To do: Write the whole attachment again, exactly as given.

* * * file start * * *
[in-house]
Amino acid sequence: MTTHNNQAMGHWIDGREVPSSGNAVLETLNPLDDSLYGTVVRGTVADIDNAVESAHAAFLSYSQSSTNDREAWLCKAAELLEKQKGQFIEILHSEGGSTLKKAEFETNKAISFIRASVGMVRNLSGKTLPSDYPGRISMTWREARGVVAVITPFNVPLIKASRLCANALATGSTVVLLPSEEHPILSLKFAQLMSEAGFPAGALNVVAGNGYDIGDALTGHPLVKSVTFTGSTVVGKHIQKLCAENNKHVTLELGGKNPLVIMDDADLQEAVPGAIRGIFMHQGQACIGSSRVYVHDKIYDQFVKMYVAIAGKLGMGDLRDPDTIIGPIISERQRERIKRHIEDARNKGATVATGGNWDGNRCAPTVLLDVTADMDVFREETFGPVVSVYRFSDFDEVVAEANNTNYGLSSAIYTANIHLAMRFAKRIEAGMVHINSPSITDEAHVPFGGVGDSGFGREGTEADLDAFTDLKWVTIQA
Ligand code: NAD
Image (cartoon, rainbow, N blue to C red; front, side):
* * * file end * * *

[in-house]
Amino acid sequence: MTTHNNQAMGHWIDGREVPSSGNAVLETLNPLDDSLYGTVVRGTVADIDNAVESAHAAFLSYSQSSTNDREAWLCKAAELLEKQKGQFIEILHSEGGSTLKKAEFETNKAISFIRASVGMVRNLSGKTLPSDYPGRISMTWREARGVVAVITPFNVPLIKASRLCANALATGSTVVLLPSEEHPILSLKFAQLMSEAGFPAGALNVVAGNGYDIGDALTGHPLVKSVTFTGSTVVGKHIQKLCAENNKHVTLELGGKNPLVIMDDADLQEAVPGAIRGIFMHQGQACIGSSRVYVHDKIYDQFVKMYVAIAGKLGMGDLRDPDTIIGPIISERQRERIKRHIEDARNKGATVATGGNWDGNRCAPTVLLDVTADMDVFREETFGPVVSVYRFSDFDEVVAEANNTNYGLSSAIYTANIHLAMRFAKRIEAGMVHINSPSITDEAHVPFGGVGDSGFGREGTEADLDAFTDLKWVTIQA
Ligand code: NAD
Image (cartoon, rainbow, N blue to C red; front, side):